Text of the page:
“The property taxes, if I’m going to collect, are going to be under control of the treasurer’s office – in one location at the treasurer’s office,” he said. “How are we going to take 12,775 payments – in-person payments – and put those at the northern building in December and January?”
Van Dyke said he doesn’t understand why people who paid their first installment payments at banks would be considered additional ones the treasurer’s office would have to handle, but taxpayers who used to come to the office and pay their bills, but no longer do so in municipalities collecting property taxes, are not taken into consideration for staffing levels.
“We eliminated those people (from paying at the county treasurer’s office), now we’re going to add the ones from the bank,” he said. “I’m not quite sure I understand where we picked up any additional people coming in the door. I think we’re assuming. In addition to that, if you go back and look at the budget… the staffing level in the treasurer’s office has been the same for like the past eight years.”
Van Dyck said he would also expect the number of people paying property taxes online “has gone up tremendously over the last few years.”
“But now we need an additional 1.2 people to collect taxes all of a sudden?” he asked.
Van Dyck said the county treasurer’s office has collected first installment payments for several years, and if Zeller didn’t want to collect those payments, he shouldn’t have run for treasurer.
“If that was the position you were going to take (to discontinue collecting first installment payments), then maybe you should have made that known before you ran for office,” Van Dyke said to Zeller. “And maybe you should have made that position known before you petitioned this board for a much larger raise than what we actually gave.”
Van Dyck said he realizes the county treasurer has the authority to decide not to collect first installment payments for municipalities, but the county board can pass a resolution showing the public the board supports having the treasurer’s office continue collecting those payments.
“If the treasurer chooses not to do it, that’s his prerogative,” he said.
Van Dyck said the county treasurer’s office provides the service of collecting first installment payments “in an economical and efficient manner, and now we want to blow it up.”
“I don’t understand why we want to blow it up,” he said. “We’re making an erroneous assumption that 12,775 additional parcels and people are now going to walk through the door… I tell you, a lot of those people that we’re collecting for that are going to the bank are coming from the Village of Wrightstown, Village of Denmark, Town of Wrightstown and all those places out there. Well, if you think they’re going to jump in their car, where I live, and drive to downtown Green Bay to pay my damn tax bill, that’s not going to happen.”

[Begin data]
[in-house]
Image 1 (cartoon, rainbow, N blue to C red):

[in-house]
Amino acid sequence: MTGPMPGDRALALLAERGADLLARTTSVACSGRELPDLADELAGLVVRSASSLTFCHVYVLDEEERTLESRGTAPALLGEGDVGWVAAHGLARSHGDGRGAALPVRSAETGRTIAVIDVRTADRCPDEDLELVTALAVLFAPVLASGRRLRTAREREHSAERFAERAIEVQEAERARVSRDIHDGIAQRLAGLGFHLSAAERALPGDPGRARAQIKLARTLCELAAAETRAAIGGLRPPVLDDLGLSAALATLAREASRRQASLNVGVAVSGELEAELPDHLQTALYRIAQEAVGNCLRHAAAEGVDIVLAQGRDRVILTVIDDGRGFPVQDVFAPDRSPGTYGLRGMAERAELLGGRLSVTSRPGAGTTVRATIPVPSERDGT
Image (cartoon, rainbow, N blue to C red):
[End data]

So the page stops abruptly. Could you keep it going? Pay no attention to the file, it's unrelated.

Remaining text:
At the county board’s March 17 meeting, Van Dyke requested the county corporation counsel prepare a resolution, similar to the resolutions already adopted by a number of municipalities, to call on the county treasurer to continue the current practice of collecting first installment property taxes for all municipalities desiring that service.
The resolution backed by Van Dyke and also recommended by the committee would put the county board on record to request the treasurer agree to once again collect taxes on behalf of local towns, villages and cities, similar to what has been done in the past through an intergovernmental agreement, and also work with those municipalities “to identify a multi-year plan to improve upon tax collection efficiency and effectiveness.”
Because that resolution wasn’t in a completed format, committee members agreed to hold a special meeting to act on the measure and forward it for consideration with the other resolution at this month’s county board meeting.
Ashwaubenon Village President Mary Kardoskee told the committee turning over first installment collections to municipalities would result in them incurring in additional costs, such as staffing and purchasing software.
“It’s going to cost us about $12,000 to do it,” she said. “It’s one of those things if you agree to pay the $1.60 per parcel, you will have to find it (in the budget).”
Kardoskee and De Pere Finance Director Joe Zegers, who also appeared before the committee, asked the county treasurer to extend the collection of first installment payments as they have been taking place for another year.